Cover of The Book of the Sacred Mage of Abra-Melin

However, this book is believed by some to be cursed. Simply possessing the book is rumored to bring forth demons from other realms who will haunt the owner which will ultimately lead to terrible luck and the demise of the person possessing the cursed grimoire. There are two camps, however. One that says it is cursed, likely due to the demon references, and another that says it is simply the most powerful magic book in the world.

For even more on the history of the book and it’s author read this article on Wikipedia

Modern Pop-Culture References

None found yet

Books & Literature

None found yet

Television Series

None found yet

The Devil’s Toy Box – Louisiana

Date of Establishment

Allegedly the cabin was built in 2014 as part of a Halloween attraction on an orchard.

Name & Location

“The Devils Toy Box” and “Farmer Grave’s Haunted Orchard.” The cabin is located North of Louisiana on an old farm possibly near or in Alexandria. The secondary name Farmer Grave’s Haunted Orchard also implies it is on “Farmer Grave’s” farm.

Physical Description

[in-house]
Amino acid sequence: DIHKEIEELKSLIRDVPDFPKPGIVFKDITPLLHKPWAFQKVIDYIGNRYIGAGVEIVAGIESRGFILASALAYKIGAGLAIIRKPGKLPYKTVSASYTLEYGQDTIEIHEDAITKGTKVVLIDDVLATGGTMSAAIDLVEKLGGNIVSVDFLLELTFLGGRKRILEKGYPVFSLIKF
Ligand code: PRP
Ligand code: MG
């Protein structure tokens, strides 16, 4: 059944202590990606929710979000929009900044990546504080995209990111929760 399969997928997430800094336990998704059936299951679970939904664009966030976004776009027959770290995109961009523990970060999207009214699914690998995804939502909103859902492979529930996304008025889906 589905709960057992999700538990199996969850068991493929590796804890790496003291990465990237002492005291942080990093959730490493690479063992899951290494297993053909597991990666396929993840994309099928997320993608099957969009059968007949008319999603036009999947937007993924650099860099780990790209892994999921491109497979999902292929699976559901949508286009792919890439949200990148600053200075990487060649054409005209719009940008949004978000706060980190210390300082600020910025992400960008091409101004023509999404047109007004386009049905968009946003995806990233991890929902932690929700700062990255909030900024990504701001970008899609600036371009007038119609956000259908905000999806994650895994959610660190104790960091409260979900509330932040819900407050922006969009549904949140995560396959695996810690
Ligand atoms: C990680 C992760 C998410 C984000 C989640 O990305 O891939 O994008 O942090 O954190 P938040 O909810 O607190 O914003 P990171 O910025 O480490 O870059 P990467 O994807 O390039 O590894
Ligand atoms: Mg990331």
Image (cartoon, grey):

The cabin is described as a windowless one room shack and on the inside the walls, floor, and ceiling are all mirrors

Origin

The shack was allegedly built as part of a halloween event that the farm had done each year. In 2014 Farmer Grave decided to add a new feature to the event and he created the “Devil’s Toy Box” at that time.

Mythology and Lore

Going inside the mirrored room is said to have driven several people insane. There are reports of individuals coming out kicking and screaming beyond reasoning. Several people believe the room can summon the devil himself.

Apparently, no one could last longer than five minutes inside the room. There was even a large timer set up beside the building that showed the current occupant’s length of stay under a second clock displaying the longest recorded time up to that point, which maxed out at four minutes and thirty-seven seconds before the attraction finally closed. The man who managed to last that long (Roger Heltz, age 52, father of three) had been reduced to a wide-eyed mute. To this day, he still hasn’t said a word.

Thought Catalog

Modern Pop-Culture References